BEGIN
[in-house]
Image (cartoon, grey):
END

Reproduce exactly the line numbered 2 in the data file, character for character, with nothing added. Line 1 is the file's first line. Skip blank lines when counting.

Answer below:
Image (cartoon, grey):